DETROIT – Mazda Motor Corp.’s MX-Micro Sport concept cross/utility vehicle shown at the North American International Auto Show already is slated for production, says Stephen Odell, senior managing executive officer.

The 4-cyl., 6-speed concept is based on the Mazda2’s architecture, and Odell says it will launch later this year in a “key global market,” but he declines to say where, noting only that further information will be trickled out gradually this year.

Mazda’s MX-Micro Sport concept.

The MX-Micro Sport “charts a clear course down the margin between the B (Mazda2) and C (Mazda3) segments,” says Odell of the vehicle, which will have a different name for the production version.

Odell says the concept CUV is very close to what the production model will look like, “but you’ll have to allow some artistic license,” he says, adding it likely will have a small engine (1.3L, 1.5L) and be priced below the Mazda3 if ever sold in North America.

The MX-Micro Sport features keyless entry, 17-in. wheels, 4-wheel disc brakes, balanced suspension and linear steering.

Odell, meanwhile, emphasizes Mazda’s increased focus on the U.S., with a new turbocharged Miata coming to market this fall and new ’05 Tribute CUV launching this spring. In all, seven new or updated models will be in Mazda’s North American dealerships this year.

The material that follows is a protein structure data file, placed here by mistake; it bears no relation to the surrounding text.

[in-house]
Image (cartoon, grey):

“We will fix the U.S., and we’ll fix it fast,” promises Odell of Mazda’s effort to increase sales here. “We’ll do it with product,” he says, adding, “I’m surrounded by product on this stand, and there is nothing that is more than six months old. This is the greatest showroom lineup Mazda has ever had in North America.”

“Based on our strongest-ever showroom, I think (the current lineup) will prevent us from ever getting lost in the crowd again.”

MX-Micro Sport interior.

On the dealer side, Odell says Mazda is aiming for 50% dealer exclusivity in the U.S. by 2007, up from 22%. “Frankly, we know that not all of our dealers are focused exclusively on the Mazda business,” he says.

Although Mazda’s global sales are estimated to have risen in key markets 14% in 2003 over year prior to 1,070,500 units. U.S. sales remained flat, increasing an estimated 1% from 2002 to 262,400.

Nevertheless, the Japanese auto maker’s fiscal 2003 first-half operating profit (reported in November) jumped by 94% to ¥28.4 billion ($255 million) and net income doubled to ¥11.2 billion ($101 million).